Nymph of the downward smile and sidelong glance!
In what diviner moments of the day
Art thou most lovely?—when gone far astray
Into the labyrinths of sweet utterance,
Or when serenely wandering in a trance
Of sober thought? Or when starting away,
With careless robe to meet the morning ray,
Thou sparest the flowers in thy mazy dance?
Haply 'tis when thy ruby lips part sweetly,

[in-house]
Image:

And so remain, because thou listenest:
But thou to please wert nurtured so completely
That I can never tell what mood is best;
I shall as soon pronounce which Grace more neatly
Trips it before Apollo than the rest.
John Keats's Other Poems
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Comments about this poem (To G.A.W. by John Keats )
The Road Not Taken
If You Forget Me
Still I Rise
Edgar Allan Poe
Stopping by Woods on a Snowy Evening
I Know Why The Caged Bird Sings
William Ernest Henley
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